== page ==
Thursday, May 12, 2011

Best Celtic Wedding Rings and What They Symbolize





Best Celtic Wedding Rings and What They Symbolize...........

Have you ever wondered why Celtic wedding bands are so popular? As a matter of fact, they are in high demand not only among the Irish, but also among people from different cultures and backgrounds. Although the answer lies as much in their aesthetic value as in what they represent, one can only gain true appreciation of Celtic wedding rings by understanding Celtic history, art and religion.

It may be hard to believe, but the traditions that gave birth to Celtic designs that many now consider trendy and fashionable date back to the 1st Century BC. Back then, the Celts were considered a dominant race in much of Europe, and contributed largely to the development of language, customs and religion in the Western World. When the Saxons invaded Britain, where Christianity had been well established by the 4th century AD, the Celtic people fled to Wales but carried with them a strong Christian tradition that is still evident in modern wedding bands.

In those days, much of ancient Celtic folklore and beliefs had already been integrated into the new Christian culture. One of the artistic products of such union was the "Celtic trinity knot" pattern in their wedding rings, where the three interwoven strands stood for God the Father, God the Son and God the Holy Spirit. At the same time, the knots also symbolized the idea of eternity in the minds of the Celts, because the patterns appeared to interlace endlessly. This not only suited but further reinforced their traditional belief that marriage is meant to last forever.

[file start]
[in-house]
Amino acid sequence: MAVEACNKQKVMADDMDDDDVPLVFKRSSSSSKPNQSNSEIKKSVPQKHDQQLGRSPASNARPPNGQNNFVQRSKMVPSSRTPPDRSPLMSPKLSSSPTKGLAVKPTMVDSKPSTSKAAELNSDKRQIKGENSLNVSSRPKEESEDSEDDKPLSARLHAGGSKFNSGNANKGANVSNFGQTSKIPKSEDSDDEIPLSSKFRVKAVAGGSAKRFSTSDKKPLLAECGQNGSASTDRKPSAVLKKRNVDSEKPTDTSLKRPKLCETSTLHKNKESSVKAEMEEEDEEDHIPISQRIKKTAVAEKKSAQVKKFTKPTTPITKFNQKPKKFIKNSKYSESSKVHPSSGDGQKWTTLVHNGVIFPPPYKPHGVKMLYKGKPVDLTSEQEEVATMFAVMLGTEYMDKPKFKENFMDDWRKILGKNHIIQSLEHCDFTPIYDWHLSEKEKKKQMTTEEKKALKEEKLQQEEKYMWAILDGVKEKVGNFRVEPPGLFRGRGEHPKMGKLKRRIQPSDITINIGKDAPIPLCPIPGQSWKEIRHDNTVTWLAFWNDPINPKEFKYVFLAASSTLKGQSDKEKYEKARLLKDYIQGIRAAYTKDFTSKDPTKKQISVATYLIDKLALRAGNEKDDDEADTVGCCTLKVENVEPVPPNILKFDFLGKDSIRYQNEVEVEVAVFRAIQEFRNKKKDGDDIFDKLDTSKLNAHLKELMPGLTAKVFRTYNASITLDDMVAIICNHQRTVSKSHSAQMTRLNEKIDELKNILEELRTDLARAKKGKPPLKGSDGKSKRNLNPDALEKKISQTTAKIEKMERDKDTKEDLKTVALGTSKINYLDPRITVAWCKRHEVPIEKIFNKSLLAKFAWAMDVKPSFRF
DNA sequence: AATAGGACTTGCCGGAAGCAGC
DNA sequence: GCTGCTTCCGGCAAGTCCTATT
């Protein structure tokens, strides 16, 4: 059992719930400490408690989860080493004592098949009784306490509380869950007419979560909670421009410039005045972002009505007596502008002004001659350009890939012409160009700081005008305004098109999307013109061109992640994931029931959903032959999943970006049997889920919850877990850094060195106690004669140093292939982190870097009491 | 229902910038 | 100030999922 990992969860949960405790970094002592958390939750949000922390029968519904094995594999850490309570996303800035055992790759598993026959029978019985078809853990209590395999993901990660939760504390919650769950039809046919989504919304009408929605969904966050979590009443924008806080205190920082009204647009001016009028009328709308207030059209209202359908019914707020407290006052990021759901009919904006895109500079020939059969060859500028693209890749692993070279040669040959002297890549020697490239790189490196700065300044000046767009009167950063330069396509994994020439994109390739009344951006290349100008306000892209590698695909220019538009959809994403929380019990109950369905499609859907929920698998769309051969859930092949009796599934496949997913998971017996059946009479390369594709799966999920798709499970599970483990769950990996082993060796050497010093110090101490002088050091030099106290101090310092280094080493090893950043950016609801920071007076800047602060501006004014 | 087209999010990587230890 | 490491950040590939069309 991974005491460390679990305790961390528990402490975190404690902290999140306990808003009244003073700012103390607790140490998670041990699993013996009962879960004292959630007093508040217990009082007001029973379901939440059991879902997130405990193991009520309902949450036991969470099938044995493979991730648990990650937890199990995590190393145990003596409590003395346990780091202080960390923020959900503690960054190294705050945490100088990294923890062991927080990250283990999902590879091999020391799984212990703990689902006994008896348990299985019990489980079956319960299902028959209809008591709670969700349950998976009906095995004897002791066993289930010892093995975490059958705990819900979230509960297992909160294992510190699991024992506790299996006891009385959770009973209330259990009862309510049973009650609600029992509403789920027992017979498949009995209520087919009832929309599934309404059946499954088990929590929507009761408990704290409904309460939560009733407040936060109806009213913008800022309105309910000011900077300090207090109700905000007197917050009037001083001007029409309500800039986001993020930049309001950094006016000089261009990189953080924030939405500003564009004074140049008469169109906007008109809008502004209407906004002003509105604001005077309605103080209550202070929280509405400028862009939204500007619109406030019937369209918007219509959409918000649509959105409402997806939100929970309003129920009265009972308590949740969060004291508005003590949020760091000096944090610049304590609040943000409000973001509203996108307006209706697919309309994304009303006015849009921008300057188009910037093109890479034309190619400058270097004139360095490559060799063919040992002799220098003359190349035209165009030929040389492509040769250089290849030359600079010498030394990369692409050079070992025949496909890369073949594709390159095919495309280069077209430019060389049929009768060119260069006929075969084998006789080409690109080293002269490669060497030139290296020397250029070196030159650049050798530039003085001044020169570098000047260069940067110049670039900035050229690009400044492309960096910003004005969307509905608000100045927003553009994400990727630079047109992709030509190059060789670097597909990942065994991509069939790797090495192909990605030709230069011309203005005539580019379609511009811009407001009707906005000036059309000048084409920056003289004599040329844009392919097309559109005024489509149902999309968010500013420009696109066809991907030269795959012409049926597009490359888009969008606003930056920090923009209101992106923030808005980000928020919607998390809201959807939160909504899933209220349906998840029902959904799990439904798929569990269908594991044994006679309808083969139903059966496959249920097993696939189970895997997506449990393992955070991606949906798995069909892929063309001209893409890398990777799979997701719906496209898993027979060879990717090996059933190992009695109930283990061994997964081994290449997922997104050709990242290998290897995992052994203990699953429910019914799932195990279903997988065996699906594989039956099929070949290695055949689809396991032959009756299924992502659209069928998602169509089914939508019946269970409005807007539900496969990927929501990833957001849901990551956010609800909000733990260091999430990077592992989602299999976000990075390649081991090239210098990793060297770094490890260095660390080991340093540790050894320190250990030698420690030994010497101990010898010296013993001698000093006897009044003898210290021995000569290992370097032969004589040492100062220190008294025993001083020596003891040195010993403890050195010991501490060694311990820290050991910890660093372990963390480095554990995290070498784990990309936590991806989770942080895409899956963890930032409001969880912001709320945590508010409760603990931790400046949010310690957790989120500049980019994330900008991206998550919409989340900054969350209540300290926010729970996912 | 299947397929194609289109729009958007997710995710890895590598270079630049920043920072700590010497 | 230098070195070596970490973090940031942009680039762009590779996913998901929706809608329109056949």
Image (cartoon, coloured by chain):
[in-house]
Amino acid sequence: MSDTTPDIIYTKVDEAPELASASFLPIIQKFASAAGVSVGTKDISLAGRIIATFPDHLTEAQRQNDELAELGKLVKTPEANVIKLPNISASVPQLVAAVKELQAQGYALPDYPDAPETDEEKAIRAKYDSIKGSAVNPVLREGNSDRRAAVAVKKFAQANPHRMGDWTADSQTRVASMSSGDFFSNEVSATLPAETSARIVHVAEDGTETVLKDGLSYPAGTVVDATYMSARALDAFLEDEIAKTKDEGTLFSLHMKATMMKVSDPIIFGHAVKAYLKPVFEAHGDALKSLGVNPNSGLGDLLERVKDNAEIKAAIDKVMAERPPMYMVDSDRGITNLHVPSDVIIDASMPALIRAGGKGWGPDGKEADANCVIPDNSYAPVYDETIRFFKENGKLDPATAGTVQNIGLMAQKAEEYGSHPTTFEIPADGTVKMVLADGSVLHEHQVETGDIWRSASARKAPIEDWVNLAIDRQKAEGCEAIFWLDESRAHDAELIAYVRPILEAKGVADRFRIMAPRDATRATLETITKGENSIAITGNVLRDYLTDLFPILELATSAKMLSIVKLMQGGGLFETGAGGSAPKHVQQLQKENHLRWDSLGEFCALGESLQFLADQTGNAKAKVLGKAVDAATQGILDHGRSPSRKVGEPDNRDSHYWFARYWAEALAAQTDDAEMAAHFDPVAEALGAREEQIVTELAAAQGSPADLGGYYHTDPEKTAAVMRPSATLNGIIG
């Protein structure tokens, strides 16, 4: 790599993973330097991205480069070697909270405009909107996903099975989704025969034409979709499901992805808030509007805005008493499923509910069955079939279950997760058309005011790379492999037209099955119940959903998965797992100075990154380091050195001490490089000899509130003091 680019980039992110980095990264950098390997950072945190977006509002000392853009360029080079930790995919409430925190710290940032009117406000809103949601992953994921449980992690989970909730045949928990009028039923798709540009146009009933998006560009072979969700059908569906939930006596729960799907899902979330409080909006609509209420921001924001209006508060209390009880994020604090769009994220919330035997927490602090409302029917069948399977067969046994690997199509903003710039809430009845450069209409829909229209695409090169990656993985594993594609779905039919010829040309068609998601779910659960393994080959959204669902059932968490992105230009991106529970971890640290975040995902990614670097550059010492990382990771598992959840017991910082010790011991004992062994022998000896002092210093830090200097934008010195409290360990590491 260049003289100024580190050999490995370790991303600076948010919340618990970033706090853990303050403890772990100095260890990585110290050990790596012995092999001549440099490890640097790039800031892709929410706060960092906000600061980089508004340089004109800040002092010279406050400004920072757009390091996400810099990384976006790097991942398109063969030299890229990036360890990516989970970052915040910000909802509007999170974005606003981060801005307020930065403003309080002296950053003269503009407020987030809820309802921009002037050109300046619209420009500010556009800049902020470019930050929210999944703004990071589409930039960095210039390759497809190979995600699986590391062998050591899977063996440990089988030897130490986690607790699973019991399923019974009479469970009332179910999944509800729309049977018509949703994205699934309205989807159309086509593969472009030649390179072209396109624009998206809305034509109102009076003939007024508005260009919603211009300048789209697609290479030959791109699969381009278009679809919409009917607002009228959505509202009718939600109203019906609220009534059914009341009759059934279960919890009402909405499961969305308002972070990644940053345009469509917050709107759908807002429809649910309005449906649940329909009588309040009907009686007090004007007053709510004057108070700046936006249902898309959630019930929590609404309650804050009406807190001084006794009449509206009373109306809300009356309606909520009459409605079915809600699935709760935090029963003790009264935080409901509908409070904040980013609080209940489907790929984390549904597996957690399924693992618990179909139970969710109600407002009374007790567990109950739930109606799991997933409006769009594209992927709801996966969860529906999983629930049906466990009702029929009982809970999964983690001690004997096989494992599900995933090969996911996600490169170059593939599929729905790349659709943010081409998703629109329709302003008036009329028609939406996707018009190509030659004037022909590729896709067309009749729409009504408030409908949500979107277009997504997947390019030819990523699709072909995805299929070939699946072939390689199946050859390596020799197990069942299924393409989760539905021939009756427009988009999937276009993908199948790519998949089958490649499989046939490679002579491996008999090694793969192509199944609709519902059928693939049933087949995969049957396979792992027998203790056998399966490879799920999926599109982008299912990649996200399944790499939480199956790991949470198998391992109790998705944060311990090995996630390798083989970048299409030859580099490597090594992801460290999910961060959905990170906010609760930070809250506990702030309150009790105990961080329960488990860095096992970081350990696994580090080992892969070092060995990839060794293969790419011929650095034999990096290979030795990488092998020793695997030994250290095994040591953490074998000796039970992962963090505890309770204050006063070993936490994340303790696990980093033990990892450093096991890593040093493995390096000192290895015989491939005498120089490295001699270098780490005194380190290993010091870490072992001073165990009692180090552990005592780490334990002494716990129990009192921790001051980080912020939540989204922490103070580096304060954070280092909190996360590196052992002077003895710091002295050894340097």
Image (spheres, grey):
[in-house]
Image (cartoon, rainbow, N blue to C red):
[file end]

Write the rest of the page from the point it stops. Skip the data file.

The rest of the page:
One of the most well recognized and used Celtic knots would be the Trinity knot. The Trinity knot, as the name would suggest, comprises 3 rounded triangles linked together and features points at the outer edges. This knot can stand alone or be worked so that numerous knots are linked together. The Trinity knot is often known as the Love Knot and can have several meanings, including the ancient Celtic, which is representing Celtic Gods and Goddesses, and the Christian, which is representing the Holy Trinity.

The Claddagh ring with its well known design of a heart, a pair of hands, and a crown is also extremely popular and time honored. The Claddagh ring can traditionally be worn several ways, all with their own meanings. On the left ring finger it is seen as a sign of marriage, commitment, and eternal love. On the right hand, with the heart facing inwards it is seen as a commitment ring, or as indicative of someone already being spoken for.



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